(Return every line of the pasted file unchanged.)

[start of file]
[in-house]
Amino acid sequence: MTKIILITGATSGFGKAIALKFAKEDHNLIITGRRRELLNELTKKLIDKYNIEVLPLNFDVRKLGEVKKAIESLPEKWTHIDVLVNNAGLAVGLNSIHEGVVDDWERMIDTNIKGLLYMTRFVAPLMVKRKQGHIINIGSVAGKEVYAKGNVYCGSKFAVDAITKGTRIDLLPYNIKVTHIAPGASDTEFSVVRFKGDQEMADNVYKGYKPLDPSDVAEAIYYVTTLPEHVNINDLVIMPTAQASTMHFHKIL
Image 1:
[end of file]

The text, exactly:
[in-house]
Amino acid sequence: MTKIILITGATSGFGKAIALKFAKEDHNLIITGRRRELLNELTKKLIDKYNIEVLPLNFDVRKLGEVKKAIESLPEKWTHIDVLVNNAGLAVGLNSIHEGVVDDWERMIDTNIKGLLYMTRFVAPLMVKRKQGHIINIGSVAGKEVYAKGNVYCGSKFAVDAITKGTRIDLLPYNIKVTHIAPGASDTEFSVVRFKGDQEMADNVYKGYKPLDPSDVAEAIYYVTTLPEHVNINDLVIMPTAQASTMHFHKIL
Image 1: